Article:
Projekt “Eschatological Images”

The interdisciplinary research project on concepts of salvation in biblical and modern times combines a philosophical and systematic theological approach to our modern society as well as an analysis of biblical salvific notions and ideas.

Das interdisziplinäre Forschungsprojekt beschäftigt sich mit Heils- und Jenseitsvorstellungen unserer Zeit und kombiniert dazu eine philosophisch-theologische Analyse der heutigen Situation mit einer Reflexion der zugrundeliegenden biblischen Konzepte.

(Spät-)Mittelalterliche Jenseitsvorstellung: Das Jüngste Gericht, Hans Memling (um 1470)

There is a problematic paradox in modern day society caused by a conflict between religious world-views  and scientific approaches. Traditional beliefs in salvific eschatological concepts of life after death or some form of final divine judgement by a higher power are in decline in nearly all Western countries, while the use of biblical apocalyptic motifs is in popular demand as evidenced by recent movies or news reports of catastrophes. The project initially seeks to understand this dichotomy against the background of a shifting emphasis from traditional religious worldviews that are dominated by a heavenly salvific orientation to the contemporary view that exhibits an inner-worldly salvific focus based on empirical thinking due to the rise of modern natural sciences.

It aims at aligning different concepts of salvation that are inherent in today’s (post-)modern world-view, which, although still employing biblical motifs, are perceived to be in conflict with traditional religious beliefs of salvation. It employs an interdisciplinary approach that is divided into four stages in order to investigate the original Jewish-Christian matrix of salvation, its perceived change through the emergence of modern sciences, and the crisis of modernity right up to its post-modern setting.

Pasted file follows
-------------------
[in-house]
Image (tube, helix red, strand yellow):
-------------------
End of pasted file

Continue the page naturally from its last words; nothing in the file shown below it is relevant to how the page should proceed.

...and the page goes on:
A. At first the hermeneutical framework has to be clarified by defining central terms related to salvation. This implies an ongoing interdisciplinary process throughout the whole project: Different definitions of the central terms change the basis of the data and influence the results

B. The second stage identifies biblical concepts of salvation in the Old and New Testament and investigates their salvific orientation and use of imagery, including apocalyptic motifs. The emphasis will be put on the idea of the kingdom of God, which presents the major salvific notion in the New Testament.

C. In the third stage, it is investigated what impact recent developments have had on contemporary understandings of salvation, especially the crisis of modernity and the growth of post-modern society. The initial hypothesis suggests that the rise of modern natural sciences has played an integral part in the inner-worldly orientation.

D. While the second and third stages investigate the concepts of salvation in their specific settings and provide conclusions about their meaning and the function of their topoi, the fourth stage intends to bring the results together in a comparative approach. It is suggested that there are remarkable differences and congruencies between the biblical and (post-)modern concepts of salvation and their way of employing certain topoi. This comparison not only leads to a better understanding of these salvific concepts, but allows for an assessment of their value.









Projektvorstellung Eschatologische Vorstellungen in heutiger Zeit (deutsch)

Project management: Patrick Becker and Steffen Jöris
Research assistant: Georg Hanneken

Funded by the Excellence Initiative of the German federal and state governments.

Heutige Jenseitsvorstellung? Vietnam als Hölle, Filmszene aus "Apocalypse now" von 1979

Heutige Jenseitsvorstellung? Vietnam als Hölle, Filmszene aus "Apocalypse now" von 1979


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